## Abstract

REPLACE WITH "GAS-CUSHIONED DROPLET IMPACTS WITH A THIN LAYER OF POROUS MEDIA" FOLLOWING EMAIL CONVERSATION WITH DUBRAVKA (17/11/2020)

The unsteady viscous flow induced by streamwise-travelling waves of spanwise wall velocity in an incompressible laminar channel flow is investigated. Wall waves belonging to this category have found important practical applications, such as microfluidic flow manipulation via electro-osmosis and surface acoustic forcing and reduction of wall friction in turbulent wall-bounded flows. An analytical solution composed of the classical streamwise Poiseuille flow and a spanwise velocity profile described by the parabolic cylinder function is found. The solution depends on the bulk Reynolds number R, the scaled streamwise wavelength λ

, and the scaled wave phase speed U. Numerical solutions are discussed for various combinations of these parameters. The flow is studied by the boundary-layer theory, thereby revealing the dominant physical balances and quantifying the thickness of the near-wall spanwise flow. The Wentzel–Kramers–Brillouin–Jeffreys (WKBJ) theory is also employed to obtain an analytical solution, which is valid across the whole channel. For positive wave speeds which are smaller than or equal to the maximum streamwise velocity, a turning-point behaviour emerges through the WKBJ analysis. Between the wall and the turning point, the wall-normal viscous effects are balanced solely by the convection driven by the wall forcing, while between the turning point and the centreline, the Poiseuille convection balances the wall-normal diffusion. At the turning point, the Poiseuille convection and the convection from the wall forcing cancel each other out, which leads to a constant viscous stress and to the break down of the WKBJ solution. This flow regime is analysed through a WKBJ composite expansion and the Langer method. The Langer solution is simpler and more accurate than the WKBJ composite solution, while the latter quantifies the thickness of the turning-point region. We also discuss how these waves can be generated via surface acoustic forcing and electro-osmosis and propose their use as microfluidic flow mixing devices. For the electro-osmosis case, the Helmholtz–Smoluchowski velocity at the edge of the Debye–Hückel layer, which drives the bulk electrically neutral flow, is obtained by matched asymptotic expansion.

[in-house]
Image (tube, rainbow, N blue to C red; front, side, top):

The unsteady viscous flow induced by streamwise-travelling waves of spanwise wall velocity in an incompressible laminar channel flow is investigated. Wall waves belonging to this category have found important practical applications, such as microfluidic flow manipulation via electro-osmosis and surface acoustic forcing and reduction of wall friction in turbulent wall-bounded flows. An analytical solution composed of the classical streamwise Poiseuille flow and a spanwise velocity profile described by the parabolic cylinder function is found. The solution depends on the bulk Reynolds number R, the scaled streamwise wavelength λ

, and the scaled wave phase speed U. Numerical solutions are discussed for various combinations of these parameters. The flow is studied by the boundary-layer theory, thereby revealing the dominant physical balances and quantifying the thickness of the near-wall spanwise flow. The Wentzel–Kramers–Brillouin–Jeffreys (WKBJ) theory is also employed to obtain an analytical solution, which is valid across the whole channel. For positive wave speeds which are smaller than or equal to the maximum streamwise velocity, a turning-point behaviour emerges through the WKBJ analysis. Between the wall and the turning point, the wall-normal viscous effects are balanced solely by the convection driven by the wall forcing, while between the turning point and the centreline, the Poiseuille convection balances the wall-normal diffusion. At the turning point, the Poiseuille convection and the convection from the wall forcing cancel each other out, which leads to a constant viscous stress and to the break down of the WKBJ solution. This flow regime is analysed through a WKBJ composite expansion and the Langer method. The Langer solution is simpler and more accurate than the WKBJ composite solution, while the latter quantifies the thickness of the turning-point region. We also discuss how these waves can be generated via surface acoustic forcing and electro-osmosis and propose their use as microfluidic flow mixing devices. For the electro-osmosis case, the Helmholtz–Smoluchowski velocity at the edge of the Debye–Hückel layer, which drives the bulk electrically neutral flow, is obtained by matched asymptotic expansion.

Original language | English |
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Pages (from-to) | 23-49 |

Number of pages | 27 |

Journal | Journal of Engineering Mathematics |

Volume | 111 |

Issue number | 1 |

Early online date | 23 Feb 2018 |

DOIs | |

Publication status | Published - Aug 2018 |

### Bibliographical note

This work was partially supported by EPSRC First Grant EP/I033173/1. This research used computing resources at the University of Aberdeen and the University of Sheffield. We would like to thank Samuele Viaro, Eva Zincone, Claudia Alvarenga, Michele Schirru, Dr Cecile Perrault and Dr Elena Marensi for their helpful comments. We are also indebted to Georgios Tyreas and Prof. Robert Dwyer-Joyce for pointing out to us several interesting technological applications of the shear-horizontal waves. We thanks Prof. David Wagg for the encouragement and suggestions on therevision of the paper.

## Keywords

- microfluidics
- mixing
- Love waves
- biosensors
- shear-horizontal surface acoustic waves
- electro-osmosis
- electro-osmotic waves
- turbulent drag reduction